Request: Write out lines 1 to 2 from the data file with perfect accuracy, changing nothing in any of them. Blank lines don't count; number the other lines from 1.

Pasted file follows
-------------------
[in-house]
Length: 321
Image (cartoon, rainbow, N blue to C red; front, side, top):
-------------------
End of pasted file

[in-house]
Length: 321